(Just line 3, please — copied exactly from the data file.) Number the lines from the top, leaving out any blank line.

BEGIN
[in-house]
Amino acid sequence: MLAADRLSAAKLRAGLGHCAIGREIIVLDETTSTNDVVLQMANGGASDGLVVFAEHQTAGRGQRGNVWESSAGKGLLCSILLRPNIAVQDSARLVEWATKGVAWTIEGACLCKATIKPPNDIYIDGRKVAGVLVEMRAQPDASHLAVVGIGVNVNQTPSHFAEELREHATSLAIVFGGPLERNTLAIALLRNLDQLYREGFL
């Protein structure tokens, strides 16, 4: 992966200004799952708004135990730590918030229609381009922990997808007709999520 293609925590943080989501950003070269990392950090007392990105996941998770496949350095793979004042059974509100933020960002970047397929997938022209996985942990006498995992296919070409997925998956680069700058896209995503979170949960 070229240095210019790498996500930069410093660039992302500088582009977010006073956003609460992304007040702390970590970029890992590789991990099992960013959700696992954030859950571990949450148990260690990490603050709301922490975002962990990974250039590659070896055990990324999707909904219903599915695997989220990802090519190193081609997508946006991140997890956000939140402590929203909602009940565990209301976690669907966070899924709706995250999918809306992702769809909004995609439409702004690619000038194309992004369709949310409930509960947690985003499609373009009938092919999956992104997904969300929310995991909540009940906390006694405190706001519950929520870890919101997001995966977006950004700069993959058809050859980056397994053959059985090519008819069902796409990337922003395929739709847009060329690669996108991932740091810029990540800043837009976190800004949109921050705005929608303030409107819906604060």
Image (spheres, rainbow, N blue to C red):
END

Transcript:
């Protein structure tokens, strides 16, 4: 992966200004799952708004135990730590918030229609381009922990997808007709999520 293609925590943080989501950003070269990392950090007392990105996941998770496949350095793979004042059974509100933020960002970047397929997938022209996985942990006498995992296919070409997925998956680069700058896209995503979170949960 070229240095210019790498996500930069410093660039992302500088582009977010006073956003609460992304007040702390970590970029890992590789991990099992960013959700696992954030859950571990949450148990260690990490603050709301922490975002962990990974250039590659070896055990990324999707909904219903599915695997989220990802090519190193081609997508946006991140997890956000939140402590929203909602009940565990209301976690669907966070899924709706995250999918809306992702769809909004995609439409702004690619000038194309992004369709949310409930509960947690985003499609373009009938092919999956992104997904969300929310995991909540009940906390006694405190706001519950929520870890919101997001995966977006950004700069993959058809050859980056397994053959059985090519008819069902796409990337922003395929739709847009060329690669996108991932740091810029990540800043837009976190800004949109921050705005929608303030409107819906604060």